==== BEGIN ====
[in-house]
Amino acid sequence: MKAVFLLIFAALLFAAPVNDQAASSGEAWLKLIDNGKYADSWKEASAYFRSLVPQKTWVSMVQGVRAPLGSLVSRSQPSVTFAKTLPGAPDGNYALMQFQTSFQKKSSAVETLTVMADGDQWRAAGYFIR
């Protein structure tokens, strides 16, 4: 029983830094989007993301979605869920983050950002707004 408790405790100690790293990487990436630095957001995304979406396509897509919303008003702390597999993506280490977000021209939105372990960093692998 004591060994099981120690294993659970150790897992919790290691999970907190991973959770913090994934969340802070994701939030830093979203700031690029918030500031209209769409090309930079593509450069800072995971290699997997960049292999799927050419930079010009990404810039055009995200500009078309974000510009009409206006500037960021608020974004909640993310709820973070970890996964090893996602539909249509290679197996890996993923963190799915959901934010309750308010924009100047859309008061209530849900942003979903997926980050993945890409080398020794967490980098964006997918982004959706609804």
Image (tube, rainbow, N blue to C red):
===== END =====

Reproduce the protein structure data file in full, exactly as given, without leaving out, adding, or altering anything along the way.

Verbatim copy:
[in-house]
Amino acid sequence: MKAVFLLIFAALLFAAPVNDQAASSGEAWLKLIDNGKYADSWKEASAYFRSLVPQKTWVSMVQGVRAPLGSLVSRSQPSVTFAKTLPGAPDGNYALMQFQTSFQKKSSAVETLTVMADGDQWRAAGYFIR
């Protein structure tokens, strides 16, 4: 029983830094989007993301979605869920983050950002707004 408790405790100690790293990487990436630095957001995304979406396509897509919303008003702390597999993506280490977000021209939105372990960093692998 004591060994099981120690294993659970150790897992919790290691999970907190991973959770913090994934969340802070994701939030830093979203700031690029918030500031209209769409090309930079593509450069800072995971290699997997960049292999799927050419930079010009990404810039055009995200500009078309974000510009009409206006500037960021608020974004909640993310709820973070970890996964090893996602539909249509290679197996890996993923963190799915959901934010309750308010924009100047859309008061209530849900942003979903997926980050993945890409080398020794967490980098964006997918982004959706609804």
Image (tube, rainbow, N blue to C red):